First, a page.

Best-selling journalist Antony Loewenstein trav­els across Afghanistan, Pakistan, Haiti, Papua New Guinea, the United States, Britain, Greece, and Australia to witness the reality of disaster capitalism. He discovers how companies such as G4S, Serco, and Halliburton cash in on or­ganized misery in a hidden world of privatized detention centers, militarized private security, aid profiteering, and destructive mining.

Disaster has become big business. Talking to immigrants stuck in limbo in Britain or visiting immigration centers in America, Loewenstein maps the secret networks formed to help cor­porations bleed what profits they can from economic crisis. He debates with Western contractors in Afghanistan, meets the locals in post-earthquake Haiti, and in Greece finds a country at the mercy of vulture profiteers. In Papua New Guinea, he sees a local commu­nity forced to rebel against predatory resource companies and NGOs.

What emerges through Loewenstein’s re­porting is a dark history of multinational corpo­rations that, with the aid of media and political elites, have grown more powerful than national governments. In the twenty-first century, the vulnerable have become the world’s most valu­able commodity. Disaster Capitalism is published by Verso in 2015 and in paperback in January 2017.

Profits_of_doom_cover_350Vulture capitalism has seen the corporation become more powerful than the state, and yet its work is often done by stealth, supported by political and media elites. The result is privatised wars and outsourced detention centres, mining companies pillaging precious land in developing countries and struggling nations invaded by NGOs and the corporate dollar. Best-selling journalist Antony Loewenstein travels to Afghanistan, Pakistan, Haiti, Papua New Guinea and across Australia to witness the reality of this largely hidden world of privatised detention centres, outsourced aid, destructive resource wars and militarized private security. Who is involved and why? Can it be stopped? What are the alternatives in a globalised world? Profits of Doom, published in 2013 and released in an updated edition in 2014, challenges the fundamentals of our unsustainable way of life and the money-making imperatives driving it. It is released in an updated edition in 2014.
forgodssakecover Four Australian thinkers come together to ask and answer the big questions, such as: What is the nature of the universe? Doesn't religion cause most of the conflict in the world? And Where do we find hope?   We are introduced to different belief systems – Judaism, Christianity, Islam – and to the argument that atheism, like organised religion, has its own compelling logic. And we gain insight into the life events that led each author to their current position.   Jane Caro flirted briefly with spiritual belief, inspired by 19th century literary heroines such as Elizabeth Gaskell and the Bronte sisters. Antony Loewenstein is proudly culturally, yet unconventionally, Jewish. Simon Smart is firmly and resolutely a Christian, but one who has had some of his most profound spiritual moments while surfing. Rachel Woodlock grew up in the alternative embrace of Baha'i belief but became entranced by its older parent religion, Islam.   Provocative, informative and passionately argued, For God's Sakepublished in 2013, encourages us to accept religious differences, but to also challenge more vigorously the beliefs that create discord.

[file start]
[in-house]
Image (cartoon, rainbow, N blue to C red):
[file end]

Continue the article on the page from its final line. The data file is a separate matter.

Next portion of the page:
After Zionism, published in 2012 and 2013 with co-editor Ahmed Moor, brings together some of the world s leading thinkers on the Middle East question to dissect the century-long conflict between Zionism and the Palestinians, and to explore possible forms of a one-state solution. Time has run out for the two-state solution because of the unending and permanent Jewish colonization of Palestinian land. Although deep mistrust exists on both sides of the conflict, growing numbers of Palestinians and Israelis, Jews and Arabs are working together to forge a different, unified future. Progressive and realist ideas are at last gaining a foothold in the discourse, while those influenced by the colonial era have been discredited or abandoned. Whatever the political solution may be, Palestinian and Israeli lives are intertwined, enmeshed, irrevocably. This daring and timely collection includes essays by Omar Barghouti, Jonathan Cook, Joseph Dana, Jeremiah Haber, Jeff Halper, Ghada Karmi, Antony Loewenstein, Saree Makdisi, John Mearsheimer, Ahmed Moor, Ilan Pappe, Sara Roy and Phil Weiss.
The 2008 financial crisis opened the door for a bold, progressive social movement. But despite widespread revulsion at economic inequity and political opportunism, after the crash very little has changed. Has the Left failed? What agenda should progressives pursue? And what alternatives do they dare to imagine? Left Turn, published by Melbourne University Press in 2012 and co-edited with Jeff Sparrow, is aimed at the many Australians disillusioned with the political process. It includes passionate and challenging contributions by a diverse range of writers, thinkers and politicians, from Larissa Berendht and Christos Tsiolkas to Guy Rundle and Lee Rhiannon. These essays offer perspectives largely excluded from the mainstream. They offer possibilities for resistance and for a renewed struggle for change.